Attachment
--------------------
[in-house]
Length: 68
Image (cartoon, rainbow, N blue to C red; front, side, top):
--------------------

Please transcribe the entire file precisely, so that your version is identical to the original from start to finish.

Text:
[in-house]
Length: 68
Image (cartoon, rainbow, N blue to C red; front, side, top):